Message in a dream

Last night I dreamt that I was found guilty of murder and given a life sentence. The legal system was deeply flawed and the whole court case was a complete joke. I knew that I was innocent but as much as I tried to prove myself and to argue my case, it didn’t help and I was jailed. In jail I raged. I cried and screamed and grieved. I said I would rather die than live out my days stuck in this prison. Eventually I decided to escape. My husband and I fled to Italy and sought refuge there. It was wonderful. The liberation was intoxicating and we spent hours on a gondola with the wind blowing through our hair drinking in the beauty of the world outside my prison.

I love dreams. I am always amazed at how creative our psyches are in our sleeping state. Yesterday I wrote of feeling completely stuck, feeling desperate and not wanting to live like this indefinitely, feeling the unfairness of the whole deal. And then poof… That dream. What interests me is that my psyche offered me a resolution, a means of escape in the form of my husband. My husband is Italian and it is therefore symbolically relevant that we escaped to Italy. Although my husband also suffers a lot of the feelings I do related to our infertility, his Catholic faith is very important to him and he therefore has faith that even if we don’t understand why this is happening to us, god does and god has a plan for us. This helps him to not feel as despairing as I do and it gives him a lot of hope. On the other hand I have never been religious in a mainstream sense although I am spiritual (but that’s a conversation for another day). The bottom line is that I think my dream was telling me to have more faith, even if I have to lean on my husbands faith for now. Thank you psyche, I will try my best. So today I am going to stop moping and take my beautiful dog for a walk in the sun whilst being grateful that my flexible job allows me to do this.

Let me introduce myself….

I wrote the below paragraphs as the content for my ‘About’ page (which btw I really hope I have done correctly as I am still trying to successfully navigate WordPress, being a complete WordPress/ blog, novice). Anyhow, I thought it was fitting as my first post, by way of introduction…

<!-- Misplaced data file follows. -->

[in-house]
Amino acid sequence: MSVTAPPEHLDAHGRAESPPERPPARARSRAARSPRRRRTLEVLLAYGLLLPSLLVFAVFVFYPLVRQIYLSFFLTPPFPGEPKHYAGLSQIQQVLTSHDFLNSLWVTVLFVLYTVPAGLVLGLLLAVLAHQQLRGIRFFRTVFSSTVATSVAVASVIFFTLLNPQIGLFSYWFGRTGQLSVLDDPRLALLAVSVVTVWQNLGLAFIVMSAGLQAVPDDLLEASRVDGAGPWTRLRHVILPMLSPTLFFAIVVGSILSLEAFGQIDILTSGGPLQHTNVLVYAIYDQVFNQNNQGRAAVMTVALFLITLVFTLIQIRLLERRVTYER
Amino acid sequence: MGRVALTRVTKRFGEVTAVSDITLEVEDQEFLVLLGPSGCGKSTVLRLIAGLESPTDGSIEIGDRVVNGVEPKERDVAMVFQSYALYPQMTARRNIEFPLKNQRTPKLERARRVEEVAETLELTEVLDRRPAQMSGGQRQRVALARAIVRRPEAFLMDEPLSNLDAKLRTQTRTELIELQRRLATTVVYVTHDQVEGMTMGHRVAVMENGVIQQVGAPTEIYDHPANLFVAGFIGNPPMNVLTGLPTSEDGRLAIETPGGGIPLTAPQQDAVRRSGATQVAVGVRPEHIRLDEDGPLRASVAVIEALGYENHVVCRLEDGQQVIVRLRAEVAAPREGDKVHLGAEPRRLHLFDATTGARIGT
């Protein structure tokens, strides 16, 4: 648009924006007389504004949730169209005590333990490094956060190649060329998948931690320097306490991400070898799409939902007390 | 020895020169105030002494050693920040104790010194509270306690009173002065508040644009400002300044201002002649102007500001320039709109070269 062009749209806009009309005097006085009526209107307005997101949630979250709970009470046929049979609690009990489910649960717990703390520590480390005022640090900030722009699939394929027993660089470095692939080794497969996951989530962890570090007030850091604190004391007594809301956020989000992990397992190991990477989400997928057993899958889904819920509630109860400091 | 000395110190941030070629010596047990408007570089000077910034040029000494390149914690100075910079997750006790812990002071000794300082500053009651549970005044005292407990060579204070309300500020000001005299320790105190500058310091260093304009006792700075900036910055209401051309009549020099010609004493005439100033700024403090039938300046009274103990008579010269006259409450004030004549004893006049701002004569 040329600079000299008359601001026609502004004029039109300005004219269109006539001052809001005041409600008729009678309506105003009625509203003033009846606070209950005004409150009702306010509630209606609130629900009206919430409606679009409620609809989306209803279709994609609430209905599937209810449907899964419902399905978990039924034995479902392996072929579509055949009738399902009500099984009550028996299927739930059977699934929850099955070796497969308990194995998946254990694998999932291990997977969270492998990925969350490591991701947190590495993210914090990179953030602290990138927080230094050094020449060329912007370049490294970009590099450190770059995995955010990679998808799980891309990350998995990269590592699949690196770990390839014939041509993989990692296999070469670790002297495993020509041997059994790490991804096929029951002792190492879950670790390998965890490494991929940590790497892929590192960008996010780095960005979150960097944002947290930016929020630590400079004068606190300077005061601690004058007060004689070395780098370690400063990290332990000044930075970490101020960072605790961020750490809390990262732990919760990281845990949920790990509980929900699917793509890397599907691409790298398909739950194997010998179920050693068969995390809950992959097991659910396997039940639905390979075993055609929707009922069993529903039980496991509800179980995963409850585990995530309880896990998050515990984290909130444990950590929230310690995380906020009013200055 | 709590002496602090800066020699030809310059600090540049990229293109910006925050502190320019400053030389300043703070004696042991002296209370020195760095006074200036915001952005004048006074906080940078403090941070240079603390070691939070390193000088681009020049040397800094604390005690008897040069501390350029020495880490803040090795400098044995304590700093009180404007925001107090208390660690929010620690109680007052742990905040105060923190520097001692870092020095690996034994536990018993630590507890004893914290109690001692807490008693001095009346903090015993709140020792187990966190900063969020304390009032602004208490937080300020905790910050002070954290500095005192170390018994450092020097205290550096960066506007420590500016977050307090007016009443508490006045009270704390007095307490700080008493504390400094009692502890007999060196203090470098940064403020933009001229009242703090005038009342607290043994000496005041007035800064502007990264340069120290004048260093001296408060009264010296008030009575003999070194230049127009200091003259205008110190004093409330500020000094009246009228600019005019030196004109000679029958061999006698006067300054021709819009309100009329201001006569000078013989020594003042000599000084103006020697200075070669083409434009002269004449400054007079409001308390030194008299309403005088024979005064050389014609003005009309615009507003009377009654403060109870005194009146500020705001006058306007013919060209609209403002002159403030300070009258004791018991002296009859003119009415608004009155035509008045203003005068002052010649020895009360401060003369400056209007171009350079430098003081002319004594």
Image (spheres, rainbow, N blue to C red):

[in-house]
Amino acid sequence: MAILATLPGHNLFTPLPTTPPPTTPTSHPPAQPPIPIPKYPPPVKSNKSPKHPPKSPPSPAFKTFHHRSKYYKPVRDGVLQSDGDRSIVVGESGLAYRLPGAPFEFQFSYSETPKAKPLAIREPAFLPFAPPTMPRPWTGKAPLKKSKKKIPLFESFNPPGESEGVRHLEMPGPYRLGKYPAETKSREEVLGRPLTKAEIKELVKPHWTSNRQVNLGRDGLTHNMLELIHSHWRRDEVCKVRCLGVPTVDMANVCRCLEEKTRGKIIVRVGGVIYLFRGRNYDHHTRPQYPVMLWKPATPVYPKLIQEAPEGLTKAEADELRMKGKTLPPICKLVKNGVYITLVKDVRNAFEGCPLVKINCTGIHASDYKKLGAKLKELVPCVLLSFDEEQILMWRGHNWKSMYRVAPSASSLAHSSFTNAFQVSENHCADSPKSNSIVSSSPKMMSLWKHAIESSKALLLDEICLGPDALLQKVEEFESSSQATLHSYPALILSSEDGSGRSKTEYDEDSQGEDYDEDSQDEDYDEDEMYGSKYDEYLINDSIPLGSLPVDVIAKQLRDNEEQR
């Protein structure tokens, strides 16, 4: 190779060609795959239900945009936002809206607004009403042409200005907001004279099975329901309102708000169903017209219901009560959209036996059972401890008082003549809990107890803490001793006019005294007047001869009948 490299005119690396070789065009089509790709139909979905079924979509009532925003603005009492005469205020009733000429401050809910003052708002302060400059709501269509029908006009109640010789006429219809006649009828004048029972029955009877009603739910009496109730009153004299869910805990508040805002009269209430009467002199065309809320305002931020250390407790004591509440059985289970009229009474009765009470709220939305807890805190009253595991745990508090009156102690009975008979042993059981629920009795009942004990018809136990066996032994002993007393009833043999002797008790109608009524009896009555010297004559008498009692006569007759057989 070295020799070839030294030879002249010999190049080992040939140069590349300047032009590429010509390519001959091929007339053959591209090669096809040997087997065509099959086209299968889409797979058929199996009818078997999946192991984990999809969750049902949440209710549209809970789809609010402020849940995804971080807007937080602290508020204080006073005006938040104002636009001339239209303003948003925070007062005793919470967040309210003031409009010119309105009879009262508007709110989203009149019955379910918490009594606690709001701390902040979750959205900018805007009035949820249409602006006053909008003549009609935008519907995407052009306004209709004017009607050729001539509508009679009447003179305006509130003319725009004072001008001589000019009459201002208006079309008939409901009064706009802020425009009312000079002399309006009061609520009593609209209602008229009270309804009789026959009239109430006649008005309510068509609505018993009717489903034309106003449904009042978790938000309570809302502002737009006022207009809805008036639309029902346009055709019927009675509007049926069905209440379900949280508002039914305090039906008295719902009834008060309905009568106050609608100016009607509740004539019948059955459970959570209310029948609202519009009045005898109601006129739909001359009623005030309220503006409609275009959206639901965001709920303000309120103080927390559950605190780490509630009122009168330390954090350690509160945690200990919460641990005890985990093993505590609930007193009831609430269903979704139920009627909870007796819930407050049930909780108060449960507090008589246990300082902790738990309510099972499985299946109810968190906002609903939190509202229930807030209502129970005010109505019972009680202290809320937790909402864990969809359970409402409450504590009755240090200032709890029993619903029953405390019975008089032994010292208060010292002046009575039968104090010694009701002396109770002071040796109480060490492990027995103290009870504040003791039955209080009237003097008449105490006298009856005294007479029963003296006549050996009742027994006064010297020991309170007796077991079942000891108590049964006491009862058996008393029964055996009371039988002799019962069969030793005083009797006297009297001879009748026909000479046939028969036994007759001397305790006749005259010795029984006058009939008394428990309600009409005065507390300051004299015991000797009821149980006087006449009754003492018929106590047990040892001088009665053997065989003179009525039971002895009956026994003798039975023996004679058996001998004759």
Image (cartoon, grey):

I am a 35 year old clinical psychologist from South Africa and have been working with children for the last ten years. I love working with children and families and have wanted my own children since I was about 15 (I’m not even kidding). I am married to a wonderful man who I know will make a great father and we are both blessed to have good and close relationships with our families. When our childen finally arrrive, they will be born into a lot of love. We are both very responsible and so waited for the ‘perfect’ time to start a family…. strong marriage, financially stable, lovely house with plenty of space…. turns out the perfect time for my body would have been about ten years ago, according to my latest doctor (cue heart break).

We have been trying to conceive for two years now. For me though, I feel like I have been childless forever and the last two years have felt incredibly long. I knew early on that there was a problem and we have been under the specialist care of a fertility clinic for 18 months now. It has been a frustrating journey which started with the diagnosis of multicystic ovaries (similar yet different to PCOS), then endometriosis (at which point I had a laperoscopy). We have had numerous medicated cycles (clomid and femara) which were successful in getting me to ovulate but did not result in pregnancy. I then developed hostile cervical mucus (apologies for disclosing too much information but that does seem to be the nature of infertility) as a side effect of the medication. One round of IUI on clomid and femara and one round of IUI with injectables were the only IUI’s that our doctor was willing to do as he felt that our chances of success with further rounds was not good. He recommended IVF. At this point we decided to get a second opinion and I was diagnosed with Diminshed Ovarian Reserve. A huge blow. After raging at the first doctor we realised that regardless of the diagnosis, both doctors are recommending the same treatment and so we have put the first clinic behind us and are having our first round of IVF in my next cycle with the doctor who diagnosed DOR.

I have felt extremely alone at many times during this journey despite having a good support system. There is something so intensely painful and isolating about infertility which is hard to express to people who have not experienced it. It is also such a looooonggg journey and I have become tired of always being in the same place (childless), and always telling my friends and family the same thing. Because of this I have been lurking in the shadows of the blogging world for a while now, finding immence comfort from realising that I am not alone. I have finally decided to take the plunge and start my own blog…. whether we fall pregnant on the first or third (or fourth or fifth….you get the picture), I know that it will be good to share the journey with others.

I initially wanted to call the blog simply, ‘between the lines’. I have never had the pleasure of a positive test, never had the joy of seeing two pink lines, be it a pregnancy test or even an OPK. I long with all my heart to see those two pink lines. In the meantime, I live in limbo between them. Between the lines also encapsulated another dynamic which is relevant to me….I spend my days reading beteeen the lines of the stories of the children and families who I work with, trying to understand what cannot be said or is too painful to express. Unfortunately ‘ between the lines’ was taken and so ‘Waiting between the lines’ was born. I hope to give birth to something a little less one dimensional sometime soon.